Interoception

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In a recent article, The Gurdian‘s science writer David Robson describes writes about Interoception – hidden senses that shapes our well being. “There’s growing evidence that signals sent from our internal organs to the brain play a major role in regulating emotions and fending off anxiety and depression”.

In the article, the term “interoception” is defined as “all the signals from your internal organs, including your cardiovascular system, your lungs, your gut, your bladder and your kidneys.” While explaining the concept, Robson writes:

  • Much of the processing of these signals takes place below conscious awareness: you won’t be aware of the automatic feedback between brain and body that helps to keep your blood pressure level, for instance, or the signals that help to stabilise your blood sugar levels. But many of these sensations – such as tension in your muscles, the clenching of your stomach, or the beating of your heart – should be available to the conscious mind, at least some of the time.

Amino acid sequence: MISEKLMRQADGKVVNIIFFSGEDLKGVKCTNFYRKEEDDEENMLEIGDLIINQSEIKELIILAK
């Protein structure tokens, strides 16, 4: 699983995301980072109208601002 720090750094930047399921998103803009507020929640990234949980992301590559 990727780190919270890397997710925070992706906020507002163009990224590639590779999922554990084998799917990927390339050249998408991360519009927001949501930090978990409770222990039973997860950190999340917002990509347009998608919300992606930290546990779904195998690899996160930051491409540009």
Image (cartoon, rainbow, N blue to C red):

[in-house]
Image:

• Perhaps most intriguingly, the new awareness of interoception can help us to understand why certain physical exercises can be so good for our mental health. For one thing, regular workouts may change the nature of the signals that your brain receives.
  • The practice of exercise should lead you to be more attentive to those signals, so that you are also more accurate in reading and interpreting the changes that you detect.
  • Interoception, it seems, is one of our most important senses. And by paying a little bit more attention to the signals it sends you, you may be healthier in body and mind.

Some researchers who are involved in this area of research spoke with the Guardian.

Prof Manos Tsakiris, a psychologist at Royal Holloway, University of London told the Guardian “We are seeing an exponential growth in interoceptive research”.

Dr Helen Weng at the University of California San Francisco, told the Guardian “Researchers and clinicians are recognising interoception as a key mechanism to mental and physical health, where understanding our body’s signals helps us understand and regulate emotional and physical states”.

Science writer Caroline Williams, writes in her book Move “Interoceptive feedback from the muscles can tell you something, unconsciously, about what you can achieve in the world. After strength training, your body feels that it can cope, and so, on some level, you feel a bit more in control of life.”